CLAYTON -- Ten years ago, a group of pioneering individuals began discussing how to transform two dilapidated school buildings into a town center and a venue for the arts. Now, the people who spurred the renaissance of Clayton are celebrating the 10-year anniversary of the Clayton Center with a gala and inviting the community who helped make the project possible.
The gala will take place December 1 and will feature cocktails, dancing, dinner, and live music.
The walls tell a story
The two old school buildings on East Second Street, where the Clayton Center is now, were built in 1920 and were last in use as schools in 1997, according to Clayton spokeswoman Stacy Beard. After four years of planning and construction, the Clayton Center was birthed on New Year’s Eve 2002.
Before they were revitalized, the buildings were in bad shape. Clayton Town Manager Steve Biggs said he remembers when he was about to start his current job and drove past the old schools.
“Before I took the job, I took my wife up and we looked around the town and when we rode by the school, she said, ‘You’re not taking this job!’ But I said, ‘Don’t worry, I’ve already checked it out, this is the last year it’s going to operate!’”
The buildings had to be boarded up and were vandalized and filled with birds.
“I remember the first tour we did down in the basement of the high school building and it was ankle deep in water,” said Biggs.
Now, the Clayton Center is home to the Town Hall chambers, located where the old high school gymnasium was.
“That’s where we’ll be dancing,” said Lyn Austin, one of the organizers of the gala. The Central Park Band will be playing as part of the special night.
The building that is now the performing arts center was once the elementary school auditorium. “The 17-inch-wide seats used in the kid’s auditorium had to be changed to 21-inch-seats,” laughed architect John Reece, who helped launch the project.
Grammy and Tony Award winning artists including Colin Hay, Doc Watson, and the Harlem Gospel Choir have performed on the stage in the auditorium. Jim Witter and his band will play there at the gala. His performance "The Long and Winding Road" will include music from Paul McCartney and John Lennon.
‘Right people at the right time’
Lyn Austin was one of the original organizers of the project and the cultural arts chair for the Clayton Center. Her husband and former state senator Jesse Austin was a student at the Clayton Elementary School when he was a young boy.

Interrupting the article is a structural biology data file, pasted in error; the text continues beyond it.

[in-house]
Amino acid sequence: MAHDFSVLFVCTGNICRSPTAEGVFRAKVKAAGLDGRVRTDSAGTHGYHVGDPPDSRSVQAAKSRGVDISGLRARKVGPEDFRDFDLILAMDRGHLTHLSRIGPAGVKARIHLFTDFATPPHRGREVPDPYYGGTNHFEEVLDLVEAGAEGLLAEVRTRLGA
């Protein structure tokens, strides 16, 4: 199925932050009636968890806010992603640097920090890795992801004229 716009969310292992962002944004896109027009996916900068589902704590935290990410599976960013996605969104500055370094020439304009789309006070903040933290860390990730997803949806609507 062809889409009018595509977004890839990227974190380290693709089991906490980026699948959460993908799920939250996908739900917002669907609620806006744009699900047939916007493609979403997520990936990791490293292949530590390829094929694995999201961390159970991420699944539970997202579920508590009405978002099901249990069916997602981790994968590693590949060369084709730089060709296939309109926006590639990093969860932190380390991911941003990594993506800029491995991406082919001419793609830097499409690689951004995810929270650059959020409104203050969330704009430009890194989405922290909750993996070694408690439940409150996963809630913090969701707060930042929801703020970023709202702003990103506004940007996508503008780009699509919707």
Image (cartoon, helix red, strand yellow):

“This is a stellar example of a public-private partnership,” said Austin. The whole project cost $8 million. The community raised $2 million.
“It wasn’t just Clayton natives who supported the project, even people who were new to Clayton wanted to save these buildings,” said Austin. “Everybody had an old school somewhere that had been torn down and this was their chance to save it.”
She said there were many obstacles to building the Clayton Center, but the desire to make the project happen was greater than any obstacle presented. The Town was behind the project 100 percent, she said.
“In your lifetime, you’re lucky if you work on a project like this,” said Austin.
“Our goal at the time was to take a very old body and give it a new soul,” said Reece, the architect. The sun-flooded lobby where visitors now peruse artwork on the walls, and gather before performances in the auditorium was once the dirt space between the elementary school and the high school. It was Reece’s idea to connect the two. The design would allow for a lobby, and also for a handicapped-accessible entry.
“That lobby has become a real community gift,” said Reece. The town now features artists of the month in the space. Wedding receptions, and parties are held in the lobby area as well.
“Never in a million years would I have thought it’d be used for those kinds of things,” said Reece.
Reality also has exceeded expectations for the Center’s first Executive Director, Scotty Eliot. He came on to the project about six months before the Clayton Center opened and was responsible for helping put together the opening night performance. He helped bring big acts to the stage, the likes of which Clayton hadn’t seen before there was the proper venue for them.
“I started with the angle of let’s bring them professional entertainment…let them see the possibilities from the first night,” said Eliot. He brought in a group that customized a show for the opening night. They wrote songs with lyrics about Clayton’s history, and put together a show written just for Clayton.
Eliot is no longer in the arts and culture business but for that part of his life, working with entertainment and cultural arts, he said that being a part of the opening of the Clayton Center will be the best thing he’s ever done.
“It was truly a coming together of the right people at the right time,” said Eliot.
To buy a ticket to the 10-year anniversary gala, visit theclaytoncenter.com.